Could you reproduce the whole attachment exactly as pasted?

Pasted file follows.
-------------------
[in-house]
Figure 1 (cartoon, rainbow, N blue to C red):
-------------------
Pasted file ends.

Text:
[in-house]
Figure 1 (cartoon, rainbow, N blue to C red):